At a forum on Latino issues, eight Democratic candidates for president on Friday attacked Trump administration policies that led to the separation of families and detention of children.
The National Association of Latino Elected and Appointed Officials hosted the Miami forum for candidates including U.S. senators Bernie Sanders and Elizabeth Warren to attack the government's crackdown on illegal immigration, a day after President Donald Trump claimed his support among Latino voters has "gone way up," without offering supporting evidence.
Sanders promised to "use all of the powers of the presidency" to "undo the fear and the damage" he says Trump has caused, referring also to Trump's pledge earlier this week that he would begin deporting millions of immigrants who are in the country illegally.
"Let us not forget that this administration is ripping children from the arms of their mothers," Sanders said. "Some of those children have died."
Government facilities at the border are overcrowded with migrants, mostly from Central America, who are crossing from Mexico to request asylum. Five children have died since late last year after being detained by Customs and Border Protection.
Beto O'Rourke, who represented El Paso, Texas in the U.S. House from 2013 to 2019, said Friday that he would reunite every single family that had been separated and end the detention of children at the border by issuing executive orders. Lawyers who interviewed 60 children at a Border Patrol facility near El Paso told The Associated Press that three minors were told by an agent to take care of a 2-year-old boy who was alone and had wet his pants lacking a diaper.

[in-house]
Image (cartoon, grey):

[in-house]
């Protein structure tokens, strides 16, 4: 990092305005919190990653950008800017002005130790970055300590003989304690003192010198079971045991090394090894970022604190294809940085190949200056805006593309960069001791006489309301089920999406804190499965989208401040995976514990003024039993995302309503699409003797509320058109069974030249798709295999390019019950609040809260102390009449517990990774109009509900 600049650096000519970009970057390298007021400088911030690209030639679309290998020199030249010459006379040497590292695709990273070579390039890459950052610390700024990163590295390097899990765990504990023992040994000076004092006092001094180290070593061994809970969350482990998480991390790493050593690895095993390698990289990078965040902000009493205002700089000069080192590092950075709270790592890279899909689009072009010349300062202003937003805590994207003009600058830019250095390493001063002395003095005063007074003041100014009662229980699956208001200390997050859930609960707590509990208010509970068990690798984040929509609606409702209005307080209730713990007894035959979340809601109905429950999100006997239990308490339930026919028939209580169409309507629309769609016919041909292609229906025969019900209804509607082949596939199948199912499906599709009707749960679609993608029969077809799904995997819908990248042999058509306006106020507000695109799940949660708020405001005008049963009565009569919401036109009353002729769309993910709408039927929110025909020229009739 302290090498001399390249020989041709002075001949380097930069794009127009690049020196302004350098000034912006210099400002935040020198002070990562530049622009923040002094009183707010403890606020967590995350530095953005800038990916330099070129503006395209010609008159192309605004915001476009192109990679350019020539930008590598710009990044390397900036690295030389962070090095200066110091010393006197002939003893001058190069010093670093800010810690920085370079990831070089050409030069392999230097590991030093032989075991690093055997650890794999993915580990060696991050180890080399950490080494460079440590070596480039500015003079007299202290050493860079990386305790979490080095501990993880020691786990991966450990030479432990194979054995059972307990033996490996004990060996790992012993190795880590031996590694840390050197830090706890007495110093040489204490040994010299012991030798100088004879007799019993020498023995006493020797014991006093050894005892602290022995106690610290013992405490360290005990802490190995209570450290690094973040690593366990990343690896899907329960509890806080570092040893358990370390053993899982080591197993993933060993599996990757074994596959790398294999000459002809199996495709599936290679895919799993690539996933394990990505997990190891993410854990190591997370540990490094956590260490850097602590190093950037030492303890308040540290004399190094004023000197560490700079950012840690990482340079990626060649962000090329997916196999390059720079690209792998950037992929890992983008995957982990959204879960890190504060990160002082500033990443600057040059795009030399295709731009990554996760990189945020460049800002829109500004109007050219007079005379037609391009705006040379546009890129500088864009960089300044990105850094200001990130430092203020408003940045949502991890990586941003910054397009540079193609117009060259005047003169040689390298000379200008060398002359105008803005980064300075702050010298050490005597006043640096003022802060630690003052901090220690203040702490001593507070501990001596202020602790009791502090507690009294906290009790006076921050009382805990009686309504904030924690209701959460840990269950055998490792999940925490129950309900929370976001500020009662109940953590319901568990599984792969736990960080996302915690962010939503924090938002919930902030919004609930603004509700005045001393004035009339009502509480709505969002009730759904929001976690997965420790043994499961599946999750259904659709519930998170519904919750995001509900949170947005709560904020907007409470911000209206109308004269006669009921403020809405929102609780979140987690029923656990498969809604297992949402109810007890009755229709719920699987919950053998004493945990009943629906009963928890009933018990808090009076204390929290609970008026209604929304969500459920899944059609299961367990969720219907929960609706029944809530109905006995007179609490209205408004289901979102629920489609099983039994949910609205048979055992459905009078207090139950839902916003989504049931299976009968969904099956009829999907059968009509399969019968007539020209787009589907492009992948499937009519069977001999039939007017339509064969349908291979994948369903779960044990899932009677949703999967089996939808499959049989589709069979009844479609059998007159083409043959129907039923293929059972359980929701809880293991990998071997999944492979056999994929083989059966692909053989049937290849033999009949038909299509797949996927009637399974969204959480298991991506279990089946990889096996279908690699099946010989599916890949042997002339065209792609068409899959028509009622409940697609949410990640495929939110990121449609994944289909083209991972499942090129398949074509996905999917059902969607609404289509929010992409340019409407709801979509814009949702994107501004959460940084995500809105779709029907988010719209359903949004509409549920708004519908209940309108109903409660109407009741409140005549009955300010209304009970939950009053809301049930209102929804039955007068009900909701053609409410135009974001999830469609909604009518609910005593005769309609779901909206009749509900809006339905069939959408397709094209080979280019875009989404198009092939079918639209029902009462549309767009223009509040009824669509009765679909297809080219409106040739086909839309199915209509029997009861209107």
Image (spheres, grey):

"We will no longer put children in cages," O'Rourke said.
The "zero tolerance" policy implemented last year caused mass outrage after it led to the separation of children from their parents because they were being criminally prosecuted for crossing the border illegally.
The meeting of presidential hopefuls takes place five days before the first Democratic debate, also in Miami next week.
Florida is a decisive state. Trump launched his reelection campaign in Orlando earlier this week revisiting the hardline immigration themes of 2015 and 2016 by warning about deporting millions. At an interview with the Spanish-language network Telemundo that aired Thursday, Trump said Hispanics also want toughness at the border, saying his support in the group has risen. The White House did not provide supporting polls for Trump's claim, and the most recent AP-NORC poll conducted in mid-June shows him with 26% support among Hispanics.
Immigration may be one of the most pressing problems for Hispanics in other states, but Florida's large number of Cuban-Americans — a strong voting bloc— have applauded Trump's decision to impose new restrictions on travel and levy sanctions against Venezuela's socialist government. Trump will be launching a new effort to appeal to Latino voters next week in Miami.
Warren was questioned Friday for lacking a plan to help immigrants, but the senator said her promise to ban private companies from running prisons and detention centers tackles "systematic problems" that affect that population. The Massachusetts senator said more than two thirds of the people who are currently detained for their immigration status are held in for-profit detention facilities.
"You've just created a group that makes its money by seeing more people locked up," she said. "I say get the profits out of locking people up."